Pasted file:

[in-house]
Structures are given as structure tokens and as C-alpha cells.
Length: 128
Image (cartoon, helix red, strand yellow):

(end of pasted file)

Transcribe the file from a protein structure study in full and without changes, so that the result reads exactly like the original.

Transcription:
[in-house]
Structures are given as structure tokens and as C-alpha cells.
Length: 128
Image (cartoon, helix red, strand yellow):